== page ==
Broadly speaking, the Danelaw was the area conquered by the Vikings in the ninth century. A treaty between King Alfred the Great and the Danish leader, Guthrum, defined a boundary which is roughly the line of the modern A5 between London and Chester, with King Alfred's territories to the south and west, and Guthrum's to the north and east. This boundary, however, was not stable, and some areas were only briefly under Viking control and show modest signs of their culture. The Danelaw was a cultural, not a political unit; and its culture was far from uniform.
Although the word Danelaw does not itself occur in Domesday Book, there are plentiful signs of Viking influence there. The names of territories, institutions, persons, and places were all affected to varying degrees, as was the language of assessment for military service and taxation. The Hundred, hide, and virgate of the south and west become the Wapentake, carucate and bovate of the north and east, for instance; and all place-names ending in -by, and many ending in -thorpe, are among the characteristic signs of Viking influence. Even the peasant classes and the prevalent types of manor in the Danelaw were distinctive.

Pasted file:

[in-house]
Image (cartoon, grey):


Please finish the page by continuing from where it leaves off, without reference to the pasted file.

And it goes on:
Leslie Abrams, 'Edward the Elder's Danelaw', Edward the Elder, 899-924, edited by Nicholas J. Higham and David H. Hill (2001), pages 128-43, is a useful review of the varying definitions of the Danelaw. F.M. Stenton, Types of manorial structure in the northern Danelaw (1910), is still the most thorough examination of the characteristic manorial structures of the Danelaw, superseded only in some points of detail; Cyril R. Hart, The Danelaw (1992), provides a detailed analysis of much of the Domesday evidence; and two recent works, Dawn M. Hadley, The northern Danelaw, its social structure, c.800-1100 (2000), and Cultures in contact: Scandinavian settlement in England in the ninth and tenth centuries, edited by Dawn M. Hadley and Julian D. Richards (2000), between them survey all important aspects of the Viking settlement and its legacy in the most Scandinavianised part of the Danelaw.